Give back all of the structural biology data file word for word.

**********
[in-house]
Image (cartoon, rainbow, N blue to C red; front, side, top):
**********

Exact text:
[in-house]
Image (cartoon, rainbow, N blue to C red; front, side, top):